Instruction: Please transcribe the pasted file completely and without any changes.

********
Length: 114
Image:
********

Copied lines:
Length: 114
Image: